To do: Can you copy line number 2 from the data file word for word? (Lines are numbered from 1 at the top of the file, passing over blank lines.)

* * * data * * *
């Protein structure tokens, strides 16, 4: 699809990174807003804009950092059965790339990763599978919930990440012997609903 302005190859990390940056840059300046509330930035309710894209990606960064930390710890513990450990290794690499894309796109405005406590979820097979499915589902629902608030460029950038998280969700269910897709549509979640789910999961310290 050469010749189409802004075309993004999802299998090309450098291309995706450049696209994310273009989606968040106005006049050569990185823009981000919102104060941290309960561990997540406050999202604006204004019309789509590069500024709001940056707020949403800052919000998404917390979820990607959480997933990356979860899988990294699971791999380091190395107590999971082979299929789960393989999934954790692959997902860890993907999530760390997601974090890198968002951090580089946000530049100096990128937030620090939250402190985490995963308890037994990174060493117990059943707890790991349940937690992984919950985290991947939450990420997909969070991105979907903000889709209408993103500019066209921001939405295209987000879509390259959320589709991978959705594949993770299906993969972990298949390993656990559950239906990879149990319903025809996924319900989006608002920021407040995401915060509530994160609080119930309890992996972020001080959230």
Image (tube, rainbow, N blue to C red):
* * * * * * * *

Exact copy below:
Image (tube, rainbow, N blue to C red):